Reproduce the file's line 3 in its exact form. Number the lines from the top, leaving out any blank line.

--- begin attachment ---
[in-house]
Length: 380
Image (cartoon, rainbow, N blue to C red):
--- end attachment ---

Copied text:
Image (cartoon, rainbow, N blue to C red):